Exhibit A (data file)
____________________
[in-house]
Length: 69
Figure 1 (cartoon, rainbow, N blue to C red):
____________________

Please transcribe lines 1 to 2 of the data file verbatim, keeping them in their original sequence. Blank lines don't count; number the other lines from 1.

[in-house]
Length: 69